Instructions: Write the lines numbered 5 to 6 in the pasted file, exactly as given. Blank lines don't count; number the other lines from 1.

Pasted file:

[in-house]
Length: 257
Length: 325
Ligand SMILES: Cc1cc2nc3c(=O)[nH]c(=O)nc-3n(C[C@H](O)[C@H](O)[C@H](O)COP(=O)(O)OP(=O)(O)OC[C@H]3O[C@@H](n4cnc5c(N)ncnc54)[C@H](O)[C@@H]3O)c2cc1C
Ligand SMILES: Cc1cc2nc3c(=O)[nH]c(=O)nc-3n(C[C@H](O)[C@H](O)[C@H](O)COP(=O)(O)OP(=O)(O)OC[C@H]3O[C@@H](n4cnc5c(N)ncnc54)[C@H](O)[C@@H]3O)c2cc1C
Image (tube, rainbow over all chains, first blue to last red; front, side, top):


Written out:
Ligand SMILES: Cc1cc2nc3c(=O)[nH]c(=O)nc-3n(C[C@H](O)[C@H](O)[C@H](O)COP(=O)(O)OP(=O)(O)OC[C@H]3O[C@@H](n4cnc5c(N)ncnc54)[C@H](O)[C@@H]3O)c2cc1C
Image (tube, rainbow over all chains, first blue to last red; front, side, top):